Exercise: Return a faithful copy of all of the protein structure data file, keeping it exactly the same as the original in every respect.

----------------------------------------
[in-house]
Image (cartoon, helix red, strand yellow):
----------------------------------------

[in-house]
Image (cartoon, helix red, strand yellow):